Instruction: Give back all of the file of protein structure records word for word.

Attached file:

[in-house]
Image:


[in-house]
Image: